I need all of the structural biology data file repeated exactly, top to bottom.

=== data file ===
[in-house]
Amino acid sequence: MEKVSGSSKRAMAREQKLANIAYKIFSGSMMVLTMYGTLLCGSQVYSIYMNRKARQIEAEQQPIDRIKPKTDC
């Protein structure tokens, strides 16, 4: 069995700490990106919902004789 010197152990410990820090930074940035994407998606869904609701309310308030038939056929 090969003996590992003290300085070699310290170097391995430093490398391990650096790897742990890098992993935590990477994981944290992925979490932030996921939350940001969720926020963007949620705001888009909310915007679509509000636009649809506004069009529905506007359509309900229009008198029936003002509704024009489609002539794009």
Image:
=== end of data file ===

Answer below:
[in-house]
Amino acid sequence: MEKVSGSSKRAMAREQKLANIAYKIFSGSMMVLTMYGTLLCGSQVYSIYMNRKARQIEAEQQPIDRIKPKTDC
């Protein structure tokens, strides 16, 4: 069995700490990106919902004789 010197152990410990820090930074940035994407998606869904609701309310308030038939056929 090969003996590992003290300085070699310290170097391995430093490398391990650096790897742990890098992993935590990477994981944290992925979490932030996921939350940001969720926020963007949620705001888009909310915007679509509000636009649809506004069009529905506007359509309900229009008198029936003002509704024009489609002539794009």
Image: